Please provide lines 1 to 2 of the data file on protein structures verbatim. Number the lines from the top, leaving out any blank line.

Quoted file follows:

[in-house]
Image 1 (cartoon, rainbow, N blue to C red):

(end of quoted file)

[in-house]
Image 1 (cartoon, rainbow, N blue to C red):